Prince Philip, Queen Elizabeth's husband, has managed to grow a precious delicacy after trying for more than a decade.
The Duke of Edinburgh is believed to be the first person in the U.K. to sucessfully grow rare black truffles known as 'black diamonds', according to The Times. Not the type to put his feet up after retirement, he was hell-bent on succeeding. He achieved this amazing goal at Sandringham, her majesty's beloved retreat in Norfolk, after more than 12 years of perseverance. The truffles were harvested from Philip's organic 'truffiere' plantation on the estate, where he has been spending much of his time since his retirement.
The 97-year-old is believed to have been sharing his gourmet treats with other members of the Royal Family at meal times.
According to Mirror, Prince Philip spent £5,000 on buying special truffle-impregnated trees in 2006 after being told that the alkaline soil at Sandringham was an ideal environment for them. He had the 300 oak and hazel saplings planted on a one acre plot beside the Royal fruit farm on the estate.
It was revealed in 2009 that two Italian hounds, specially trained to sniff out truffles, had failed to find any in the root systems of the trees. But Prince Philip did not give up and his patience has finally been rewarded.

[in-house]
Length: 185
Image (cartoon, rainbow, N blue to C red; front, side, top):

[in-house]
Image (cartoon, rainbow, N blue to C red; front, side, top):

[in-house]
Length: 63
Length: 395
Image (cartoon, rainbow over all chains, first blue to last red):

Adrian Cole, a director of Truffle U.K., which supplied the saplings to Sandringham, said: "You need a dog to hunt them. If you only go once every three or four weeks you are not going to produce very much, but if you go on a regular basis during the growing season you will increase your yield."
He said that the majority of the truffles were the Tuber Melanosporum, the French Perigord black truffle, which is as good as you can get. Indeed, the Perigord noir or Mediterranean black truffle — found largely in southern France, northern Italy and northern Spain — is the most prized of the approximately 70 known truffle species.
Cole added that none of the truffles had been sold, meaning that they have either gone to the house or members of the royal family. According to Cole, Sandringham was the first place to successfully harvest black truffles in the U.K.
Well, perseverance pays, at any age!